I already have 2 songbooks released here in Brazil (the last one contains the songs of my latest Brazilian album, Noturno Copacabana). And, also some years ago it was released a book about my life and career, that isn’t exactly a biography, it’s more a profile. Who wrote it was a Brazilian journalist called Mário Marques, who has always been a great admirer of my music and became a friend of mine.
What musicians are you working with now?
Lula Galvão – electric and acoustic guitar
Paulo Sérgio Santos – clarinet
Jessé Sadoc – trumpet
What other projects are you working on?
I have an album I recorded in Italy (with my musicians: clarinet, trumpet, guitar) which will be released next month, by Egea. And right now, I’m beginning to record my new Brazilian album which will be released next year by Biscoito Fino. Besides, I’ve just recorded another album in Italy, a duo with the clarinetist Gabriele Mirabassi (with whom I already have one album, Graffiando Vento); this new album will be released next year in Europe, Canada and U.S.
Do you still practice dentistry?
No, I’ve stopped almost one year ago. I’ve been traveling a lot; it became difficult to conciliate both professions.
Where were you born?
In Rio de Janeiro, in a poor neighborhood called Madureira.
What is your favorite meal?
I am democratic with food, I eat everything.
What music are you listening to lately?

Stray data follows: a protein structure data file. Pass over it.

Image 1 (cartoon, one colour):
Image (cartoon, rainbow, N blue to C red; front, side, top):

Since I was 15 years old, what I listen the most is classical music (Bach, Schoenberg and all the greatest), but, of course, I always listen to the great composers of all times, like Villa-Lobos, Duke Ellington, Cole Porter, Vernon Duke, Gershwin, Jerome Kern, Kurt Weil, the French impressionists… and also contemporary composers. But I have to say that I have a deep admiration, a big passion for Russian composers (Rachmaninoff , Borodin, Prokofiev, Dvorak, Stravinsky…) Also love the Spanish composers, East European composers, American jazz and all the great popular Brazilian composers, as Tom Jobim, Chico Buarque, Pixinguinha… Finally, I think what I love to listen to is GOOD music, coming from wherever it comes.
What kind of movies do you like?
Art movies: Fellini, Pasolini, Visconti, Buñuel, Bergman… And also the classics of the American movies, specially because of the soundtracks. But you can also find me watching something like Rambo sometimes, to forget reality a little.
What do you like to do during your free time?
Playing soccer with my friends and walking at the beach – I feel like a really fortunate person for living just 200 meters from the Atlantic Ocean.
What country would you like to visit?
I’d like to know better and deeper my own country.
Which is your favorite city?
Rio de Janeiro.
What was your best moment?
The birth of my two daughters.
What was your most embarrassing moment?
When I had to say to a friend called Fátima that I loved her. Some months later, she became my wife, and after, the mother of my two daughters.
Author: World Music Central News Department
World music news from the editors at World Music Central